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Abstract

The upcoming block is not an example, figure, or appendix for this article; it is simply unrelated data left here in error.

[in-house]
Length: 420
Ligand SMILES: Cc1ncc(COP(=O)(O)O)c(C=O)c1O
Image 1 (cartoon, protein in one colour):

The use of digital libraries has seen steady growth in the past two decades. However, as with other new technologies, effective use of digital libraries depends on user acceptance, which in turn is affected by users' perception of the system's ease of use. Since the introduction of new technologies often involves some form of change for users, the recent identification of the resistance to change (RTC) personality trait, and the development of a scale to measure it, provides an opportunity to assess the impact of RTC on new users of a digital library system. Drawing on prior research focused on personal differences and system characteristics as determinants of perceived ease of use, in the present study we explore the relationship between RTC and perceived ease of use of a university digital library. The results of a survey of 170 new users of the library system suggest that RTC is a significant determinant of perceived ease of use, and improves the explanatory power of previous technology-acceptance models. Implications of the findings are discussed.